Bill Clinton tried to create a natural majority for his party but fell short. George W. Bush attempted the same for his party but has also missed the mark. The 2002 and ’04 Republican majorities were too small to withstand the winds of 2006.

For a dozen years, our politics has been bitterly polarized, dominated by two baby boomer presidents who happen to have personal characteristics that people on the other side of the cultural divide absolutely loathe. Clinton in 1992 and Bush in 2000 both made genuine efforts to run as unifiers, but once in office proved to be dividers.

The 2008 cycle will bring a different cast of characters. The leaders in the polls — Rudolph Giuliani, John McCain and Hillary Clinton — all are, to varying degrees, in tension with their parties’ bases. That suggests that they have the capacity, to varying degrees, to appeal across the cultural divide and pull their parties above the 51 percent ceilings they’ve been under for the past 10 years. Other potential candidates — Republican Mitt Romney and Democrat Barack Obama — may have similar potential. The culturally conservative Republican base and the vitriolically antiwar Democratic base don’t seem to have strong candidates, unless you count Al Gore and John Edwards.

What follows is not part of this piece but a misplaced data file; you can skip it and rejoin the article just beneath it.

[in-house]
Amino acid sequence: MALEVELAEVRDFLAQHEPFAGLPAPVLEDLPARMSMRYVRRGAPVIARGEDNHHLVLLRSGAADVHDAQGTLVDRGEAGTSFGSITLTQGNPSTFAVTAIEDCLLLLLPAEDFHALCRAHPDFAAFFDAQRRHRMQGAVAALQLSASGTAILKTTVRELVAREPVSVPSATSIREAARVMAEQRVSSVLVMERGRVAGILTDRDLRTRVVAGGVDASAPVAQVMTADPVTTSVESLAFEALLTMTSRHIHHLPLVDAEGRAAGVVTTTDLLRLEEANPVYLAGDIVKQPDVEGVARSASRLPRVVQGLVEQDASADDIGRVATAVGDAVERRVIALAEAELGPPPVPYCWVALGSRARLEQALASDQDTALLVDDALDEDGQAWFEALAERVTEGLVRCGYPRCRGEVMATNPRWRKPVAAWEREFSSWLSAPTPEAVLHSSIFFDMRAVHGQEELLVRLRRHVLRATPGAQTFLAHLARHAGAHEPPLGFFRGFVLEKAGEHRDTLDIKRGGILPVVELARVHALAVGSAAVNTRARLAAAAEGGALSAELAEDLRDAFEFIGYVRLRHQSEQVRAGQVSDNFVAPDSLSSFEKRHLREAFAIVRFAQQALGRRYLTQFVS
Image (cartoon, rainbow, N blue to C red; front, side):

As I said a while back, I was hoping to see a Giuliani-Warner race, as I think that would have been depolarizing. I’d certainly like to see a less polarized politics in 2008.